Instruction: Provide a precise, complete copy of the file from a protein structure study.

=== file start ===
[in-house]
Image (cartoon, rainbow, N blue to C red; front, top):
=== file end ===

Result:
[in-house]
Image (cartoon, rainbow, N blue to C red; front, top):